•  64
    A context-shifting example involves a putatively non-ambiguous, non-elliptical, non-indexical declarative sentence, some distinct utterances of which differ in truth value despite sameness of place, time, surrounding objects, and other physical factors. Charles Travis has spawned a large literature by arguing that such examples undermine compositional truth-conditional semantics. After explaining how prior responses to Travis’s examples fail in the metaphysical details, the present essay develop…Read more
  •  78
    A reason for the non-specialist to care about the metaphysics of properties and persistence
    Inquiry: An Interdisciplinary Journal of Philosophy 61 (2): 162-177. 2018.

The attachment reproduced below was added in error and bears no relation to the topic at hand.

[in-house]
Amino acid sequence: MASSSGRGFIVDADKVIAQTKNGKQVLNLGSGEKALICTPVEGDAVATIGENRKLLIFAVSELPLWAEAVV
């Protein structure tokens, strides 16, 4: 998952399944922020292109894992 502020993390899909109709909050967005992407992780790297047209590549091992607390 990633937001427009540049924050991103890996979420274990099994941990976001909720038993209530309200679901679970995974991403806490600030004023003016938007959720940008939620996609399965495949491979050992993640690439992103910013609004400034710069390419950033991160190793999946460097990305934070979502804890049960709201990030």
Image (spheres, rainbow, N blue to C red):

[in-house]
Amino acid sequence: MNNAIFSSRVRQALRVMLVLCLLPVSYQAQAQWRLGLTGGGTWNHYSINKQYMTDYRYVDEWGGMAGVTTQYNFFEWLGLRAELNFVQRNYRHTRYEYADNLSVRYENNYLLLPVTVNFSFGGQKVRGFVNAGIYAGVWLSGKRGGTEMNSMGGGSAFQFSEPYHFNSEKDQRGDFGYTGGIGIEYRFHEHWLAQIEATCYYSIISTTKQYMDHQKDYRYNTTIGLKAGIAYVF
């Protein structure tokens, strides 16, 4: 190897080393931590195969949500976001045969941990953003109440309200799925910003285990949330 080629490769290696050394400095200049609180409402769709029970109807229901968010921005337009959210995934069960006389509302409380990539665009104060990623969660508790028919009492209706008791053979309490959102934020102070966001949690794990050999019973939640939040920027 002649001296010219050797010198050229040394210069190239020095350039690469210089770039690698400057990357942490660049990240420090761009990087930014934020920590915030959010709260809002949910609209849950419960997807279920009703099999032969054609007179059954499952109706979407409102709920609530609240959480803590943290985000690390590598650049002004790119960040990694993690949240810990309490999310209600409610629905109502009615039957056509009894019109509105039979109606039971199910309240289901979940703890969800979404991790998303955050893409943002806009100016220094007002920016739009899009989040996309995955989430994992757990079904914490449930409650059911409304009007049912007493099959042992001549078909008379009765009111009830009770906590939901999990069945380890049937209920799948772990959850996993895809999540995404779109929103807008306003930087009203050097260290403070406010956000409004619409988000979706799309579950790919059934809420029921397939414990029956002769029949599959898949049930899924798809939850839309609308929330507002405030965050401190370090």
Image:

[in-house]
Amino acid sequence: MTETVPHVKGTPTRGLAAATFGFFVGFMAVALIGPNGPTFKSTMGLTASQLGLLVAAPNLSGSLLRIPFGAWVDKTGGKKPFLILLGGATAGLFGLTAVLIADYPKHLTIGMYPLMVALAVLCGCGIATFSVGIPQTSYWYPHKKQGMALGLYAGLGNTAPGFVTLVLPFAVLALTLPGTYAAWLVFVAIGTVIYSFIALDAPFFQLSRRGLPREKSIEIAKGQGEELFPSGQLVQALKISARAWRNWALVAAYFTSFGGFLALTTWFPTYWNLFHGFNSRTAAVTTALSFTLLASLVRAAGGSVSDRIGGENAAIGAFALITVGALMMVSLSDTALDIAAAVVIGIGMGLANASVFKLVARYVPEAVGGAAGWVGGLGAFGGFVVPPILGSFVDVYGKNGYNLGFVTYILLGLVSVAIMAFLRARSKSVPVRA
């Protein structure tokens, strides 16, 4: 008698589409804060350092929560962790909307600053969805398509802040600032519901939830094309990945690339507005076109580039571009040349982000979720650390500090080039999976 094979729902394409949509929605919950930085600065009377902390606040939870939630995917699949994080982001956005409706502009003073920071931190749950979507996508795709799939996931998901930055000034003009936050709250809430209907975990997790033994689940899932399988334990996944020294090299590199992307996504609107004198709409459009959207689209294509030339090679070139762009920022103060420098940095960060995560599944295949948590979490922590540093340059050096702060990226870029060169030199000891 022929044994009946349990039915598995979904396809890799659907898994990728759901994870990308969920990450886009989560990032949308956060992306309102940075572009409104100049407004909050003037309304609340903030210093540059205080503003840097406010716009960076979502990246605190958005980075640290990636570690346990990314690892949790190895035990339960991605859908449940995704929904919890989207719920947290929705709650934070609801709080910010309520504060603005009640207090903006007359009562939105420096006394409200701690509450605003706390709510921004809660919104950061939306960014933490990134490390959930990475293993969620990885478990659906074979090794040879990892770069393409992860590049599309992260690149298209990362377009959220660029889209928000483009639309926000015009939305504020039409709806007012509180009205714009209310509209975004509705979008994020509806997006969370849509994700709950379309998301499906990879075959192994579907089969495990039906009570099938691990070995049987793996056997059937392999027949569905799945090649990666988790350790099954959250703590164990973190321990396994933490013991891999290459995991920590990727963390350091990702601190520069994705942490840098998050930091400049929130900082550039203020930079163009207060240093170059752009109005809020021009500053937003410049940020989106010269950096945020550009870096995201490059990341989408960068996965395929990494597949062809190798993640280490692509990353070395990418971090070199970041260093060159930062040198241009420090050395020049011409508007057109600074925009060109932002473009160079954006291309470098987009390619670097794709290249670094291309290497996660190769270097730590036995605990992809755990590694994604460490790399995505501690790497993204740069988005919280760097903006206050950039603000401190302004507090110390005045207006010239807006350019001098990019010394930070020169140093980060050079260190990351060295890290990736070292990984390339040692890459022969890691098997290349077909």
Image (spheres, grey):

We have compelling extra-philosophical reasons for caring about identity, parthood, and location. For example, we desire ceteris paribus that nothing every part of which is very near to our location be very near to the location of something dangerous, evil, or otherwise unpleasant. This essay argues that such considerations are relevant to certain first-order metaphysical debates, namely, the debates over immanent universals and tropes and endurantism and perdurantism, respectively. As a consequ…Read more
  •  64
    Indiscernibility Does Not Distinguish Particularity
    Thought: A Journal of Philosophy 5 (4): 249-256. 2016.
    According to the indiscernibility characterization of the distinction between particulars and universals, only and all the former have possible numerically distinct indiscernible intrinsic qualitative duplicates. It is argued here that both the sufficiency and the necessity directions are defective and that indiscernibility thus does not distinguish particularity. Against sufficiency: universals may lack intrinsic qualitative character and thus be trivially indiscernible from one another. Agains…Read more